Please let us know how you enjoyed it in the comments below. And don’t forget to give this recipe a five-star rating if you loved it!
Want to learn even more about the wide world of tea? Try a few of our other favorite recipes next:
- Krishna’s Golden Turmeric Tea
- Earl Grey Tea Flavored Shortbread Cookies
- Soothe Your Soul with the Healing Powers of Chai
Photos by Katherine and Eddie D’Costa, © Ask the Experts, LLC. ALL RIGHTS RESERVED. See our TOS for more details. Originally published by Shanna Mallon on September 2, 2011. Last updated on June 14, 2020. With additional writing and editing by Allison Sidhu.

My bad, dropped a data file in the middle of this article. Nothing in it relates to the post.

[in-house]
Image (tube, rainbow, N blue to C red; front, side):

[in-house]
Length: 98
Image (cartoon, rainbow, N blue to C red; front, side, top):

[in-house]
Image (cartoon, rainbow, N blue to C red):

Nutritional information derived from a database of known generic and branded foods and ingredients and was not compiled by a registered dietitian or submitted for lab testing. It should be viewed as an approximation.
The staff at Foodal are not medical professionals and this article should not be construed as medical advice. Foodal and Ask the Experts, LLC assume no liability for the use or misuse of the material presented above. Always consult with a medical professional before changing your diet, or using supplements or manufactured or natural medications.
Eddie and Katherine D’Costa are a married professional chef and journalist duo from Atlanta, where they cook up a variety of international dishes, tested for the home cook. Katherine holds an MA in journalism from Northeastern University and Eddie’s professional experience spans 20 years working with Wolfgang Puck, Jean George Vongerichten, and Todd English.